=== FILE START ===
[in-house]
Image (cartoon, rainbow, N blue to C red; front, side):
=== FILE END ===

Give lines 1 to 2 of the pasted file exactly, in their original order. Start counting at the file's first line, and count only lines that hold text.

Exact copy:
[in-house]
Image (cartoon, rainbow, N blue to C red; front, side):